New Zealand has a long history of involvement in peacemaking and peacekeeping activities. As a small state, it has a strong interest in a rules-based international order and in the peaceful resolution of disputes. It was a founding member of the United Nations (UN) and supported the organisation’s efforts to promote peacekeeping and peace making.
New Zealand has been continuously involved in UN peacekeeping activities since the 1950s. In 2011, 458 New Zealand Defence Force troops and more than 75 police officers were serving in 19 UN-led or UN-endorsed peacekeeping missions. In addition to providing personnel, New Zealand also helped pay for these operations, contributing $22.2 million to the UN peacekeeping budget in the 2010/11 year.
Development of peacekeeping
In 1945 the UN was created and given the mandate ‘to save succeeding generations from the scourge of war’.1 In the UN context peacekeeping has involved the deployment of forces, sometimes unarmed, in order to prevent and contain hostilities and to keep adversaries apart. It is based on principles of consent, impartiality and of not using force except in self-defence. It is different from peace enforcement, which involves the use of coercive measures including military force to bring an end to hostilities, and peace making, which describes diplomatic actions designed to bring conflict to a negotiated end.
Peacekeeping missions are often led by the UN, but they have also taken place under the banner of regional organisations such as NATO (North Atlantic Treaty Organization) or the African Union.
The New Zealand government often uses the broader term ‘peace-support operations’, which includes not only UN peacekeeping missions, but also peace enforcement and some other military deployments based on alliance and other ties.
The largest deployment of New Zealand forces in the 2000s was in Afghanistan, as part of the international response to the 11 September 2001 attacks on the US. Although the mission was not a UN peacekeeping operation, foreign forces operated in Afghanistan on the basis of UN Security Council resolutions. In 2011 New Zealand had members of its SAS (Special Air Services) and a provincial reconstruction team (PRT) in Afghanistan.
The 140-strong PRT was based in Bamyan province, north-west of Kabul. Its mission was to patrol and provide security, train the Afghan army and police and provide assistance to the UN in Afghanistan. By August 2012, 10 New Zealand soldiers had died while stationed in Afghanistan: eight in combat and two in non-combat situations.
From the New Zealand government’s perspective, engagement in Afghanistan served three purposes. It supported the UN, offered an opportunity to work more closely with NATO, and was an important part of restoring the bilateral security relationship with the US, which had been strained after New Zealand adopted nuclear-free policies in the 1980s.
While peacekeeping is often seen as a military activity, civilian police are increasingly involved in post-conflict situations. New Zealand police personnel have been posted to Cyprus (1964–67), Namibia (1989–90), East Timor (since 1999), Bougainville (2000), Solomon Islands (2003), Afghanistan (2005) and Tonga (following riots in 2006).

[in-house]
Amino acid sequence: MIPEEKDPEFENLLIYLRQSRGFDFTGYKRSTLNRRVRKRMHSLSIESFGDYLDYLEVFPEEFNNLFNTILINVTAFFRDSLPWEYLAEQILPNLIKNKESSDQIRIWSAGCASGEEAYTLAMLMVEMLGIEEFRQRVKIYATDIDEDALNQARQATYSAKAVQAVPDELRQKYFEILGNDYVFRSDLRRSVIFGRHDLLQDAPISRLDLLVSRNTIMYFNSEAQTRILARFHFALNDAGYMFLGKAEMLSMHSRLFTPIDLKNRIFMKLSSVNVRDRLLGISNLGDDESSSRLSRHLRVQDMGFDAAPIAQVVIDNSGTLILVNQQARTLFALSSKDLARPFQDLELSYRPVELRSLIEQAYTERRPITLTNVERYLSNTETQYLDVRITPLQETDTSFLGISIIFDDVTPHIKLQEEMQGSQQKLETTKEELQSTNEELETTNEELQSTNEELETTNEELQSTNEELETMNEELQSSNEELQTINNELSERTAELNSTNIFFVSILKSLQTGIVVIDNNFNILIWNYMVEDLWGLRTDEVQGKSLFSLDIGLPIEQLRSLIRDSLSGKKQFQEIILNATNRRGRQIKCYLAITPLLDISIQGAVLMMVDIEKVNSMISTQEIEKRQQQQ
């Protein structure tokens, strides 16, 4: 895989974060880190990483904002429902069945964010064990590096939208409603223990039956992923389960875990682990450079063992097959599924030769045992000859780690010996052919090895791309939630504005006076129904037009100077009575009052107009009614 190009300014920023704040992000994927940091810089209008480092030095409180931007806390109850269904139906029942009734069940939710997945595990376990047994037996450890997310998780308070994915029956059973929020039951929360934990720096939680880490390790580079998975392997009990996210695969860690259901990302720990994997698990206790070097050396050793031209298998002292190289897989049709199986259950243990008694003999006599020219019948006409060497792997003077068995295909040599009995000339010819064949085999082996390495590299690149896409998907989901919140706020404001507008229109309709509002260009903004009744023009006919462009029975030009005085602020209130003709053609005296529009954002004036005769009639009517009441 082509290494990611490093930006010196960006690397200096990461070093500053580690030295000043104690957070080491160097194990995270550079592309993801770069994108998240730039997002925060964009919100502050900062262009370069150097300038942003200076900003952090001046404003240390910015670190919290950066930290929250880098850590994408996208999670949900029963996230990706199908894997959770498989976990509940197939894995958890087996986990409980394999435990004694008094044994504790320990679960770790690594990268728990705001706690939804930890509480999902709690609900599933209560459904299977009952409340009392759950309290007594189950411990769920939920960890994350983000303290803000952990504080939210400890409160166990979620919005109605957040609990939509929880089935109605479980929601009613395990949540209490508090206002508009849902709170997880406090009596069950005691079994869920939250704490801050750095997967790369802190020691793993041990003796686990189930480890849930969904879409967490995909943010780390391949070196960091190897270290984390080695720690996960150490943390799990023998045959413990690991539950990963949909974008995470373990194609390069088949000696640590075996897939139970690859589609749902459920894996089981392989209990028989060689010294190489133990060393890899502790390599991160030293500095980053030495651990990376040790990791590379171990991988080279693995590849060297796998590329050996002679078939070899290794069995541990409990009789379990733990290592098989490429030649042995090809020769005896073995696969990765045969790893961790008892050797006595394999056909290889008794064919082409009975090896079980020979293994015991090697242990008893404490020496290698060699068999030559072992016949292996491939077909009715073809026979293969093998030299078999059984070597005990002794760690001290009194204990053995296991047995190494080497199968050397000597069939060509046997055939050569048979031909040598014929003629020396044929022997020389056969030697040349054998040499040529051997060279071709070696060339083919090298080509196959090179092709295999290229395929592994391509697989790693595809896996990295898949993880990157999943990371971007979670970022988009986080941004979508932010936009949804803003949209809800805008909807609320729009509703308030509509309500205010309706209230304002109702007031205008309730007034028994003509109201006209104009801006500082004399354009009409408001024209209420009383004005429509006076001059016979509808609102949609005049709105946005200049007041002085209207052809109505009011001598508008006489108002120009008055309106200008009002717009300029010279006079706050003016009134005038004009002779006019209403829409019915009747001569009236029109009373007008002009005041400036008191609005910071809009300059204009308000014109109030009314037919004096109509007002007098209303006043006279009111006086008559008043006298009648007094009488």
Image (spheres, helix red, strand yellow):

When police were dispatched on peace-support operations, officers were ‘borrowed’ from district commanders around the country. Operations overseas became increasingly common in the 2000s, and it sometimes took as long as nine months before a replacement was found.
The kind of work carried out during these missions has changed. Until the end of the 1990s policing in international peace operations typically revolved around the SMART model (support, monitoring, advising, reporting and training). In the 2000s key tasks for New Zealand police overseas typically involved the ‘Three R’s’– reforming, restructuring and rebuilding the local police force.
In 2012 police remained on deployment in Afghanistan, Bougainville, the Solomon Islands, East Timor and Tonga. The danger faced by police deployed in areas of war, danger or emergency was recognised in 2012 when they became eligible for burial in New Zealand services cemeteries.
Criteria for peace support operations
The deployment of troops and police to the Solomon Islands, East Timor and Afghanistan in the 2000s put considerable strain on New Zealand’s limited resources. The government developed four criteria to determine whether or not to contribute to a particular peace support operation:
- the strategic implications of the operation, including its effect on security, the humanitarian situation and New Zealand’s relationships with other countries
- the nature of the mission – the legality of the proposed mission and mandate under international law
- repercussions for New Zealand agencies involved in the proposed operation
- whether New Zealand can assist the fragile or post-conflict state in other ways.